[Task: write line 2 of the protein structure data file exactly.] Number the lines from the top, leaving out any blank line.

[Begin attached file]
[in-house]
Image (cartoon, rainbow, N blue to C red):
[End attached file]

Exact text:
Image (cartoon, rainbow, N blue to C red):